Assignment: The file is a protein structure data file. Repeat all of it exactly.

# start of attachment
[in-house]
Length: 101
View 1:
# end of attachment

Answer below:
[in-house]
Length: 101
View 1: